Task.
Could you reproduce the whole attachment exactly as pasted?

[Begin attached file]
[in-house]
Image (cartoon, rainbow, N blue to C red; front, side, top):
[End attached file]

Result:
[in-house]
Image (cartoon, rainbow, N blue to C red; front, side, top):